Asha® Hearts & Arrows Cut
Our latest generation of Asha® is being cut to the exacting standards of the Hearts and Arrows cut, something fewer than 1 in 1000 (thats less than .1%) round cut diamonds will ever achieve! This article is designed to help you understand the difference between a typical round cut stone, and a Hearts and Arrows round.
Hearts and Arrows is an industry term for a specific type of round cutwhere all facets are in perfect alignment, proportion and symmetry. Cut is one of the four major components of diamond grading. Cut controls 98% of the brilliance of a round cut gem or diamond. However, cut is often the least understood of the four C's, and often the most disregarded. It's easy to understand carat weight, color and clarity, but cut is difficult.
How the facets on both the top and bottom half of the round cut gem line up (symmetry) determines the scintillation of a gemstone, or the way it plays with light as it reflects it to the viewer.
The interplay of all of these facets on both the top and bottom half of the diamond or diamond simulant control how much light that enters a the stone is returned back to the viewer. The inside of a diamond can be represented as a hall of mirrors. The more precisely aligned and shaped the mirrors, the more light will be reflected back out rather than lost as it bounces between mirrors.
In a typical diamond, roughly 68% of the light that enters ends up being reflected back to the viewer.
By contrast, in a hearts and arrows diamond, 96-98% of all light that enters is reflected back out!
This is a result of a painstaking effort on the part of the cutter to ensure that all facets (mirrors) are perfectly symmetrical, in perfect alignment and perfectly proportioned. It is very easy to see the difference in diamond when comparing a typical round diamond to a hearts and arrows diamond.
The difference is simply a much more brilliant stone!
In order to view how light is being reflected within a stone, various viewers are used that magnify your view of the gem, and tint the light so that the eye view how the light is being reflected. They do under various names depending on what jewelry store you visit, but most high end jewelry stores will have one.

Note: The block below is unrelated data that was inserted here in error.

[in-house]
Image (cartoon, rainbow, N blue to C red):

They look like this (The image on the right).
Hears and Arrows Scope➜
When viewed with the tinted light, patterns will show up on the stone. A typical round gem will show a whirl pattern, with no real symmetry. What this shows is that the facets are not in proper alignment, resulting in a blurred out look as the light bounces around and is leaked out rather than being reflected back to the viewer.
By contrast, the top of a hearts and arrows gem will show a perfect crisp arrows pattern, visually indicating that all the facets are in alignment, and that the light return has been maximized by the cutter.
In similar fashion, you can view the bottom of the Hearts and Arrows gem and see the following pattern (on the right):
Again, the crisp pattern shows that the bottom half of the stone's facets are also in perfect proportion and symmetry. Any misalignment of any facet will result in arrows that bend at the tips, or hearts that are uneven or other blurring out of what should be a perfect, crisp pattern.
So why aren't all round diamonds cut to Hearts and Arrows? The reason is simple: time and money.
A typical round cut diamond can be finished in roughly 2 hours. By contrast, a Hearts and Arrows diamond can take anywhere from 8 hours to several days, and even then may not show the perfect symmetry required to produce the crisp Hearts and Arrows pattern. The more cutting time involved, the more the cutter has to charge for his/her time. While cutting an Asha® is simpler than diamond because you have a flawless rough to work with, our cutters have to spend on average 8x as long for the Asha® H&A simulant vs. if they simply wanted to cut a standard round brilliant.
Additionally, in the diamond world, diamonds are often cut to achieve a certain size. Most retail customers are very focused on the size of a diamond -i.e. they want a 1 ct. A diamond achieves a heart and arrows cut by cutting away a lot of original rough. Thus, diamond rough that could be cut into an average round 1 ct. may only amount to a .70 Hearts and Arrows cut. Thus, most cutters will opt to please the typical consumer who is interested in a specific size diamond, and additionally, many cutters do not have the skill necessary or the funding to produce something as rare as a Hearts and Arrows cut.